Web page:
12. 12. HandLeR project
    13. 13. MOBIlearn <ul><li>Worldwide European-led project </li></ul><ul><li>24 partner organisations across Europe, Israel, US, Australia </li></ul><ul><li>Focus on learning outside the classroom </li></ul><ul><li>Scenarios </li></ul><ul><ul><li>Art gallery </li></ul></ul><ul><ul><li>First aid </li></ul></ul><ul><ul><li>Work-based MBA course </li></ul></ul><ul><li>Trials of Art Gallery scenario in the Uffizi Gallery, Florence and Nottingham Castle Gallery </li></ul>
    14. 14. <ul><li>It’s the learner that’s mobile </li></ul><ul><li>How learning is interwoven with everyday life </li></ul><ul><li>Mobile learning can both complement and conflict with formal education </li></ul><ul><li>The importance of context, constructed by learners through interaction </li></ul><ul><li>Ethical issues: privacy, ownership </li></ul>MOBIlearn: what we know now that we didn’t at the start (Final project meeting informal discussion)
    15. 15. 3 C’s of Effective Learning <ul><li>Construction </li></ul><ul><ul><li>Successful learning is constructive process (Brown & Campione, 1996) that involves seeking solutions to problems and relating new experiences to existing knowledge </li></ul></ul><ul><li>Conversation </li></ul><ul><ul><li>Central to learning is conversation, with teachers, with other learners, with ourselves as we question our concepts, and with the world as we carry out experiments and explorations and interpret the results (Pask, 1976) </li></ul></ul><ul><li>Control </li></ul><ul><ul><li>Learning is most successful when we are in control, carrying out an active and continuing cycle of experimentation and reflection (Kolb, 1984) </li></ul></ul>
    16. 16. Mobile Computer Supported Collaborative Learning: EduNova <ul><li>MCSCL developed by Pontificia Universidad Cat ólica de Chile </li></ul><ul><li>Wireless handheld computers </li></ul><ul><li>Tested in schools, teacher training, university students </li></ul><ul><li>Significant differences in learning outcomes </li></ul><ul><li>Trials in other countries including UK (Wolverhampton) </li></ul>
    17. 17. S 2 S 1 S 3 S 2 S 1 S 3 S 2 S 1 S 3 <ul><li>Computer-supported collaboration </li></ul><ul><li>Mobile computer-supported collaboration </li></ul><ul><li>Face-to-face collaboration </li></ul>
    18. 18. 4 . The teacher can monitor and discuss the individual and group learning activity.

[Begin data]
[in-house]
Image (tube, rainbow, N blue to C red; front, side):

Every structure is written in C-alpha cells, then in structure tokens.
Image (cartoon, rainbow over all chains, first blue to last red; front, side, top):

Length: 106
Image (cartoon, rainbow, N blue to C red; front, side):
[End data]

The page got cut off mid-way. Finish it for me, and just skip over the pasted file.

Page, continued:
19. 19. ¿ Qué son los ácidos nucleicos? Cadenas de ADN y ARN formadas por 4 nucleótidos Cadenas de aminoácidos unidos en distintas secuencias No sé Cadena de monosacáridos unidos por enlaces glucosídicos ¿ Qué son los ácidos nucleicos? Cadenas de ADN y ARN formadas por 4 nucleótidos Cadenas de aminoácidos unidos en distintas secuencias No sé Cadena de monosacáridos unidos por enlaces glucosídicos ¿ Qué son los ácidos nucleicos? Cadenas de ADN y ARN formadas por 4 nucleótidos Cadenas de aminoácidos unidos en distintas secuencias No sé Cadena de monosacáridos unidos por enlaces glucosídicos ¡¡Pónganse de acuerdo!! OK ¡¡Pónganse de acuerdo!! OK ¡¡Pónganse de acuerdo!! OK
    20. 20. ¿ Qué son los ácidos nucleicos? Cadenas de ADN y ARN formadas por 4 nucleótidos Cadenas de aminoácidos unidos en distintas secuencias No sé Cadena de monosacáridos unidos por enlaces glucosídicos ¿ Qué son los ácidos nucleicos? Cadenas de ADN y ARN formadas por 4 nucleótidos Cadenas de aminoácidos unidos en distintas secuencias No sé Cadena de monosacáridos unidos por enlaces glucosídicos ¿ Qué son los ácidos nucleicos? Cadenas de ADN y ARN formadas por 4 nucleótidos Cadenas de aminoácidos unidos en distintas secuencias No sé Cadena de monosacáridos unidos por enlaces glucosídicos ¡¡CORRECTA!! OK ¡¡CORRECTA!! OK ¡¡CORRECTA!! OK
    21. 22. PI: Personal Inquiry <ul><li>Support for inquiry science learning between formal and informal settings, KS3 </li></ul><ul><li>School for introducing and framing issues, and planning inquiries </li></ul><ul><li>Outside, home and science centres for semi-structured investigations </li></ul><ul><li>Construction </li></ul><ul><ul><li>Students design the methods of inquiry </li></ul></ul><ul><li>Conversation </li></ul><ul><ul><li>In classroom, at home, with peers, with experts </li></ul></ul><ul><li>Control </li></ul><ul><ul><li>‘ Scripted’ inquiry learning (dynamic lesson plans supported by mobile devices) </li></ul></ul>
    22. 23. 1974 1997 2002 2002 2003 2004 2005 2006
    23. 24. Big Issues in Mobile Learning Kaleidoscope European Workshop, Nottingham, June 2006 <ul><li>What is mobile learning? </li></ul><ul><li>Does mobile learning work? </li></ul><ul><li>How do you evaluate mobile learning? </li></ul><ul><li>How do you resolve the tensions between informal mobile learning and formal school learning </li></ul><ul><li>Who should own the technology, and the learning? </li></ul>